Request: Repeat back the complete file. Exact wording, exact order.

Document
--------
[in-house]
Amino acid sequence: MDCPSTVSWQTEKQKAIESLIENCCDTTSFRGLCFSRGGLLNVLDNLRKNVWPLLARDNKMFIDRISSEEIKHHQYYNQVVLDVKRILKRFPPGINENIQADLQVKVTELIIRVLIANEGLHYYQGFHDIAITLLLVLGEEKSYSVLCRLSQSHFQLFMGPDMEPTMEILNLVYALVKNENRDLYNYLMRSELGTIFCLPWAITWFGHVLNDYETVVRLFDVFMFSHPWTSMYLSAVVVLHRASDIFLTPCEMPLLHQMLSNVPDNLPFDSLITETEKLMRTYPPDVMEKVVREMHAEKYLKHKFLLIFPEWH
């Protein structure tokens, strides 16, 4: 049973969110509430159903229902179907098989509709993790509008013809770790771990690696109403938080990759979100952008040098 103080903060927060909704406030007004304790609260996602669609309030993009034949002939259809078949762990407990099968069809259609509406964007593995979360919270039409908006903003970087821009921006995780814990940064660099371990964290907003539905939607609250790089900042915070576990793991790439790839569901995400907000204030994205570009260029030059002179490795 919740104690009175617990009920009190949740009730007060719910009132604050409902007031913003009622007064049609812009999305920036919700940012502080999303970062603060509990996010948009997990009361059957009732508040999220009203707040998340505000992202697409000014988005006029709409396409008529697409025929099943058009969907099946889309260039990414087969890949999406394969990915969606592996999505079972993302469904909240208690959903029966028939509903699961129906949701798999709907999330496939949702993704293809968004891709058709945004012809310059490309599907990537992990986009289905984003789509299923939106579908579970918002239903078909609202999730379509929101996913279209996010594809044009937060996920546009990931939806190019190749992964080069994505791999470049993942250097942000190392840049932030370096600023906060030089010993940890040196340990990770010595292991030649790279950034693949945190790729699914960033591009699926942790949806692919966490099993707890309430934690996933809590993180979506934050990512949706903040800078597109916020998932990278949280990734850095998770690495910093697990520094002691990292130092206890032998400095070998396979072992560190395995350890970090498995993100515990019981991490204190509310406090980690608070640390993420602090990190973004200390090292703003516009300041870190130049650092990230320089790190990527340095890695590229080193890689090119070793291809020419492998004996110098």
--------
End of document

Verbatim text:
[in-house]
Amino acid sequence: MDCPSTVSWQTEKQKAIESLIENCCDTTSFRGLCFSRGGLLNVLDNLRKNVWPLLARDNKMFIDRISSEEIKHHQYYNQVVLDVKRILKRFPPGINENIQADLQVKVTELIIRVLIANEGLHYYQGFHDIAITLLLVLGEEKSYSVLCRLSQSHFQLFMGPDMEPTMEILNLVYALVKNENRDLYNYLMRSELGTIFCLPWAITWFGHVLNDYETVVRLFDVFMFSHPWTSMYLSAVVVLHRASDIFLTPCEMPLLHQMLSNVPDNLPFDSLITETEKLMRTYPPDVMEKVVREMHAEKYLKHKFLLIFPEWH
């Protein structure tokens, strides 16, 4: 049973969110509430159903229902179907098989509709993790509008013809770790771990690696109403938080990759979100952008040098 103080903060927060909704406030007004304790609260996602669609309030993009034949002939259809078949762990407990099968069809259609509406964007593995979360919270039409908006903003970087821009921006995780814990940064660099371990964290907003539905939607609250790089900042915070576990793991790439790839569901995400907000204030994205570009260029030059002179490795 919740104690009175617990009920009190949740009730007060719910009132604050409902007031913003009622007064049609812009999305920036919700940012502080999303970062603060509990996010948009997990009361059957009732508040999220009203707040998340505000992202697409000014988005006029709409396409008529697409025929099943058009969907099946889309260039990414087969890949999406394969990915969606592996999505079972993302469904909240208690959903029966028939509903699961129906949701798999709907999330496939949702993704293809968004891709058709945004012809310059490309599907990537992990986009289905984003789509299923939106579908579970918002239903078909609202999730379509929101996913279209996010594809044009937060996920546009990931939806190019190749992964080069994505791999470049993942250097942000190392840049932030370096600023906060030089010993940890040196340990990770010595292991030649790279950034693949945190790729699914960033591009699926942790949806692919966490099993707890309430934690996933809590993180979506934050990512949706903040800078597109916020998932990278949280990734850095998770690495910093697990520094002691990292130092206890032998400095070998396979072992560190395995350890970090498995993100515990019981991490204190509310406090980690608070640390993420602090990190973004200390090292703003516009300041870190130049650092990230320089790190990527340095890695590229080193890689090119070793291809020419492998004996110098």